MyST-Parser offers powerful cross-referencing features, to link to URLs, documents, headers, figures and more, that are portable across output formats and generate warnings when broken.

This page covers the basics of setting up referenceable targets for content and how to reference them.

1.  Creating explicit targets#

Targets are used to define custom anchors that you can refer to elsewhere in your documentation.

There are three primary ways to create targets:

  1. Annotating a syntax block with (target)=

  2. Annotating a syntax bloc/inline/span with an {#id} attribute (using the attrs_block and attrs_inline extensions)

  3. Adding a name option to a directive

### Heading

This is a paragraph, with an `id` attribute.

This is a [span with an `id` attribute]{#span-target}.

:name: directive-target

This is a directive with a `name` option

[reference1](#heading-target), [reference2](#paragraph-target),
[reference3](#span-target), [reference4](#directive-target)


This is a paragraph, with an id attribute.

This is a span with an id attribute.


This is a directive with a name option

reference1, reference2, reference3, reference4

There are also other ways to create targets, specific to certain directives, such as glossaries create targets for terms, and code APIs create targets for objects:

my other term
: Definition of the term

[Link to a term](<#my other term>)

```{py:class} mypackage.MyClass
Docstring content

[Link to a class](#mypackage.MyClass)
my other term

Definition of the term

Link to a term

class mypackage.MyClass#

Docstring content

Link to a class

See also

The footnotes section, covers how to create and link to footnotes, and the sphinxcontrib.bibtex extension provides a means to reference bibliographies.

2.  Implicit targets#

Whole documents can be referenced by path. Headings within documents can also be assigned an implicit target, by setting the myst_heading_anchors configuration option. This is should be set to an integer, between 1 and 6, indicating the depth of headings to assign targets to.

The anchor “slugs” are created according to the GitHub implementation: heading titles are lower cased, punctuation is removed, spaces are replaced with -, and uniqueness is enforced by suffix enumeration.

For example, using myst_heading_anchors = 2:

## A heading with slug

## A heading with slug


[Explicit title](#a-heading-with-slug-1)

A heading with slug

A heading with slug

A heading with slug

Explicit title

For more information see the auto-generated header anchors section.


In general, it is discouraged to rely on implicit targets, since they are easy to break, if for example a document/heading is moved or renamed.

4.  Reference roles#

Sphinx offers numerous roles for referencing specific objects.

These can also within MyST documents, although it is recommended to use the Markdown syntax where possible, which is more portable and native to MyST.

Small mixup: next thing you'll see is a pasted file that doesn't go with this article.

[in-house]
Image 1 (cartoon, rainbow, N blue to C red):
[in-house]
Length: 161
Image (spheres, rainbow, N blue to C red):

- {ref}`syntax/referencing`, {ref}`Explicit text <syntax/referencing>`
- {term}`my other term`
- {doc}`../intro`, {doc}`Explicit text <../intro>`
- {download}`example.txt`, {download}`Explicit text <example.txt>`
- {py:class}`mypackage.MyClass`, {py:class}`Explicit text <mypackage.MyClass>`
- {external:class}`sphinx.application.Sphinx`, {external:class}`Explicit text <sphinx.application.Sphinx>`
- {external+sphinx:ref}`code-examples`, {external+sphinx:ref}`Explicit text <code-examples>`


- <project:#syntax/referencing>, [][syntax], [Explicit text][syntax]
- [](<#my other term>)
- <project:../>, [Explicit text](../
- <path:example.txt>, [Explicit text](example.txt)
- <project:#mypackage.MyClass>, [Explicit text](#mypackage.MyClass)
- <inv:#*Sphinx>, [Explicit text](#sphinx.application.Sphinx)
- <inv:sphinx#code-examples>, [Explicit text](inv:sphinx#code-examples)

[syntax]: #syntax/referencing

5.  Handling invalid references#

When building your documentation, it is recommended to run in nitpicky mode, which will emit warnings for any invalid references.

you may encounter warnings such as: WARNING: 'myst' cross-reference target not found: 'reference' [myst.xref_missing] WARNING: Multiple matches found for 'duplicate': inter:py:module:duplicate, inter:std:label:duplicate [myst.iref_ambiguous]

To fully suppress a specific warning type, you can use the suppress_warnings configuration option, in Sphinx’s file:

suppress_warnings = ["myst.xref_missing", "myst.iref_ambiguous"]

or in docutils.conf or command-line tool:

myst-suppress-warnings = myst.xref_missing, myst.iref_ambiguous

In Sphinx specific reference warnings can also be suppressed, using the nitpick_ignore and nitpick_ignore_regex configuration options.

nitpick_ignore = [("myst", "reference")]

To handle ambiguous references, for intersphinx references see the Cross-project (intersphinx) links section, or the domains searched for all Markdown references can be restricted globally or per-document using the myst_ref_domains configuration.

myst_ref_domains = ["std", "py"]